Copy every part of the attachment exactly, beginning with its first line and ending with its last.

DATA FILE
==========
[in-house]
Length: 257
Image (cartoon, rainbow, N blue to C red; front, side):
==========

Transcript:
[in-house]
Length: 257
Image (cartoon, rainbow, N blue to C red; front, side):